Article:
Friday, February 1, 2008

Defining and Categorising Protest Music

I have recently started reading another text: The Resisting Muse: Popular Music and Social Protest. In the introduction, editor Ian Peddie notes the general acceptance of music as being a discursive practice situated in a social context. In attempting to define ‘protest music’ he suggests that this is something more than music that represents youth culture. He sees protest music as being a complex dialectical relationship. He refutes assumptions that protest music is limited to associations between liberal social protest and rock music (as per the 1960s) and the notion that protest can only be found in separatist music styles. He suggests that this typical classification is based on a desire for order when in fact the nature of protest music is too diffuse ‘to be confined to a genre, a category, or a time period’. He contends that the basic parameters for consideration reflect that social protest music is made up of collisions and formed by fissures and factures.

The first article in the text is written by Deena Weinstein, ‘Rock Protest Songs: So Many and So Few’. Weinstein argues that there is a tendency, particularly in the United States, to incorrectly assume that a high level of protest music is produced, which will be examined in more detail in the next post. In defining protest music she suggests:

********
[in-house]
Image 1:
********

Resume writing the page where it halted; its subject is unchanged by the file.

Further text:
...the protest in protest songs means an opposition to policy, an action against the people in power that is grounded in a sense of injustice...

She then questions however, whether all opposition to policy counts as protest music and acknowledges a lack of consensus with respect to some material/topics.

Weinstein suggests that protest music is largely defined by its lyrics, however the impact of the lyrics can often be supported by sonic elements of the song such as emotionality, the character of the vocals, simplicity and repetition. Popular instrumental music is also seen as being capable of protest but she suggests that this occurs far less frequently than popular music with lyrics.

Weinstein suggests that there are a number of ways to categorise protest music:

1. Unjust Authority

This includes music concerning police brutality, governmental authority, civil rights and economic policies. There is less consensus as whether songs concerning other forms of power such as teachers and parents come within this category.

2. Specific Injustices

These songs focus on specific events or issues and are sometimes called ‘re-ax’ or reaction songs.

3. By Impact

The third way to classify protest music is by its overall impact. Weinstein notes that some protest music is ineffective at producing social commentary because the lyrics or meaning are not received by the listener - this will be discussed in more detail in the next post.

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